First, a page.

Filed under: art, dreams, education, Shakespeare, theatre | Tags: Acting, English Speaking Union, Life in the Theatre, Losing, National Shakespeare Competition, Shakespeare, Theatre Life, Winning
While judging the semi-finals of the English Speaking Union’s National Shakespeare Competition this year, we, the judges, were asked if we wanted to say anything to the participants after the winners were announced. Without a moment’s hesitation, I exclaimed, “No!” – somehow horrified at the thought. About two blocks away, however, I suddenly realized exactly what I wanted to have said. I found I wanted to have spoken to the students that hadn’t won, to the ones who had worked so hard on their monologues and sonnets for this competition and suffered a big disappointment at the end of it.
This is what I imagined I’d say to the “losers”:
I was in EXACTLY your position many years ago. I, too, lost my region’s ESU Shakespeare competition and now I’m here judging it. And frankly, the experience of losing something like this will better prepare you for a life in the theatre than winning ever will.
No one in theatre wins all the time. Even the most successful people, the ones who seem to work constantly, will go through periods of profound rejection, of unemployment and loss. There is no way you can win more than you lose in this business. And when you’re winning, you’re still losing. Let’s say you book an amazing Broadway show, for example, but accepting it means you have to give up the play written by your best friend that you’ve been promising you’d do for ages. And that’s the best case scenario. Most actors have to get rejected from hundreds of gigs before booking anything at all.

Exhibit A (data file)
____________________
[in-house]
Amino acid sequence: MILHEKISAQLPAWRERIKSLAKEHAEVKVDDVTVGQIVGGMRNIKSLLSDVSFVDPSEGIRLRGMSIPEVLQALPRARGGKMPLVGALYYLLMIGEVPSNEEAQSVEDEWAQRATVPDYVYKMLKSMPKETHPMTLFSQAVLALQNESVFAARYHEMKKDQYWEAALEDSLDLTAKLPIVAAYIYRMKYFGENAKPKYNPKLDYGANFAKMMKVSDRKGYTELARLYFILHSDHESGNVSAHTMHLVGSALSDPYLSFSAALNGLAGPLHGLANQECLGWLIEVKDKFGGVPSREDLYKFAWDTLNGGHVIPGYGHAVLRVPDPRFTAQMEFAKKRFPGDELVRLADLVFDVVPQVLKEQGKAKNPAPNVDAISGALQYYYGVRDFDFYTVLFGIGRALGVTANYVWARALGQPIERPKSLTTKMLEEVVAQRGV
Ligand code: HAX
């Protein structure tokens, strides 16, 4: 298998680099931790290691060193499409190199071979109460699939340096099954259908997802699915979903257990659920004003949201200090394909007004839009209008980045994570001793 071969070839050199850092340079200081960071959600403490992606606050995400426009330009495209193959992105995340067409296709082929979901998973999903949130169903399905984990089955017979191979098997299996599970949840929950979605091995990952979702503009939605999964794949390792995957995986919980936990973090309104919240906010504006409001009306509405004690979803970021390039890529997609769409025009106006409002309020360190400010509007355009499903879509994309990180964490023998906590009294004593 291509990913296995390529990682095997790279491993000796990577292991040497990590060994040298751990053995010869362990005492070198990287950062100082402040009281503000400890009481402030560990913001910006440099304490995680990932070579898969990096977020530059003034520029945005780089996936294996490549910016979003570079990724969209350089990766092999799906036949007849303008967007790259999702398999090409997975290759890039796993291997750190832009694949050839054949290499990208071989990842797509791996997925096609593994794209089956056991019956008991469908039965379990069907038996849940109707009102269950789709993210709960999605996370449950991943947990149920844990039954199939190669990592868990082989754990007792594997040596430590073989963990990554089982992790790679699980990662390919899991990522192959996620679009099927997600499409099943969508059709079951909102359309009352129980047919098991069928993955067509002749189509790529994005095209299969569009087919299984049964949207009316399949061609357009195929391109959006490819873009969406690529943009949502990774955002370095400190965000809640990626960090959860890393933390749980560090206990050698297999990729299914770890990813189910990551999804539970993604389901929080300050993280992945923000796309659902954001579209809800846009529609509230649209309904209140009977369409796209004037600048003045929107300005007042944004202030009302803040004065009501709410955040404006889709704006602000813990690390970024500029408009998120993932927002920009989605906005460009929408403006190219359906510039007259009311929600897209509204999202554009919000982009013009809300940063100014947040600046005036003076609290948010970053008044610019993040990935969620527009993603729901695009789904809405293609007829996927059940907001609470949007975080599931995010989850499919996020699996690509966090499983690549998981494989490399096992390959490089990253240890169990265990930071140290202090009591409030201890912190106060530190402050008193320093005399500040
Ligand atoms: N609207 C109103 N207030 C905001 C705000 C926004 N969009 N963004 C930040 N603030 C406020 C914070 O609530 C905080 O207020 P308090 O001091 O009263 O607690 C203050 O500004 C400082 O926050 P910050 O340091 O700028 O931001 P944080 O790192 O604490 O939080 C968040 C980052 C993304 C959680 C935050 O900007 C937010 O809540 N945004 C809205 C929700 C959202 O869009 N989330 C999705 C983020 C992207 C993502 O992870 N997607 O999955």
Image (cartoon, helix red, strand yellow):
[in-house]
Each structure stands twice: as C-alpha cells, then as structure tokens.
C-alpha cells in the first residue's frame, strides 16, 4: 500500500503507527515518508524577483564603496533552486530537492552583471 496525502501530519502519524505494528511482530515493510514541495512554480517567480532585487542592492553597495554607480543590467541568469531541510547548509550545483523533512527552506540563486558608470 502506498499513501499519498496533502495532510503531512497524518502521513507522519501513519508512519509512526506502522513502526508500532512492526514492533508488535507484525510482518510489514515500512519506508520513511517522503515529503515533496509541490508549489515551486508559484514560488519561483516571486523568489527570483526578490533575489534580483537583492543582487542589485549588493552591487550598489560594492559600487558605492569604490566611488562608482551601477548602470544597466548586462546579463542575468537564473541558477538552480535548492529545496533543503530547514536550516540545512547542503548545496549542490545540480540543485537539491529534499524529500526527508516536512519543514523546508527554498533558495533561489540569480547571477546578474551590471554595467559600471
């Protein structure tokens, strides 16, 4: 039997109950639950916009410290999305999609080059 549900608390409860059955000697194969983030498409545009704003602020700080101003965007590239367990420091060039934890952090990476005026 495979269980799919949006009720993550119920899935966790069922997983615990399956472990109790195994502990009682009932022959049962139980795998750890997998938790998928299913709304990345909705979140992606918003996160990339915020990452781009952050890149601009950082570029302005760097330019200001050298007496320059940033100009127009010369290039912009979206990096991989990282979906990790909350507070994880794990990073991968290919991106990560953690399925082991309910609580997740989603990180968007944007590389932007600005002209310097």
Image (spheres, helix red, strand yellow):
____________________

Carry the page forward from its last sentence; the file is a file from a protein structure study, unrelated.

From where you’re sitting now, it might seem possible to keep winning and winning and winning. I know that’s what I thought I’d do. Look! I made it to Nationals in Dramatic Interpretation! I won Best Actress at the State Drama competition! I got the lead in one school play after another, while simultaneously conquering college and community theatre shows. I really thought I couldn’t lose. So this ESU Shakespeare loss really cut me deeply.
But losing was the best thing for me. It gave me fire to win at the next thing. And if I’d been dissuadable, it would have dissuaded me from pursuing theatre and Shakespeare. (Oh, if only I’d been dissuadable. It is such a heartbreak rollercoaster world out here. It is the worst. And also the best. And also the worst.)
So to the losers of this thing, while I know it feels terrible to lose (it really really does) take some comfort from knowing you’re getting a head start on this whole life-in-the-theatre thing that the winners won’t have. And winners, don’t worry, you’ll have plenty of opportunities to lose in the future.
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